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Not All Retaliation Requires Intent

Posted:

On February 8, 2024, the Supreme Court agreed unanimously that protections for whistleblowers who speak up about corporate fraud or securities law violations at publicly traded companies must prove that their protected activity (i.e., whistleblowing) was a contributing factor in the employer's unfavorable personnel action, but need not prove that the employer acted with "retaliatory intent."

Termination of Employment
Termination of Employment

So, how exactly does an employer retaliate without "retaliatory intent?"

Trevor Murray was a research strategist for UBS Securities, whose job required him to certify that certain financial reports were produced independently and accurately reflected his own views. He claimed that others at the company pressured him to compromise his independence to skew his reports to be more supportive of their business strategies. Murray further alleged that after approaching his supervisor and blowing the whistle, he received pushback, and UBS eventually fired him.

Murray then filed a complaint with the Department of Labor (DOL) alleging that his termination violated §1514A of Sarbanes-Oxley (SOX) because he was fired in response to his internal reporting about fraud on shareholders. Then, Murray filed an action in federal court.

Murray's claims went all the way to the jury. At trial, the court instructed the jury that Murray was "not required to prove that his protected activity was the primary motivating factor in his termination, or that UBS's articulated reasons for his termination... was a pretext, in order to satisfy this element."

The jury found in favor of Murray. So, UBS appealed.

The Second Circuit had a different take than the trial court on appeal. It concluded that "a whistleblower-employee must prove that the employer took the adverse employment action against the whistleblower-employee with retaliatory intent."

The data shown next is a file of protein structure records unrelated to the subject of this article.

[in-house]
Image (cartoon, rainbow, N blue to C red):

The appeal to the Supreme Court followed were the Second Circuit's decision was reversed in Murray v. UBS Securities.

It noted that while SOX makes it unlawful to "discriminate" against an employee for whistleblowing, "that word, however, cannot bear the weight that both the Second Circuit and UBS place on it." Instead, the "normal definition" of "discrimination" is "differential treatment," and the employer's lack of "animosity" is "irrelevant."

In other words, if Murray had established his whistleblowing contributed to his termination, the burden shifted to UBS to show that it would have terminated Murray anyway.

But not all antiretaliation laws are alike. Employees who claim retaliation based on complaining about discrimination (Title VII of the Civil Rights Act of 1964), speaking up about pay (Fair Labor Standards Act), or taking leave (Family and Medical Leave Act) must prove animus motivated their employer's response.

Not so under SOX.

Posted In: Fair Labor Standards Act (FLSA); Family and Medical Leave Act (FMLA); Quit, Resigned, Termination of Employment, etc.; Title VII of the Civil Rights Act of 1964 (Title VII); U.S. Supreme Court

Want to know more? Read the full article by at The Employer Handbook

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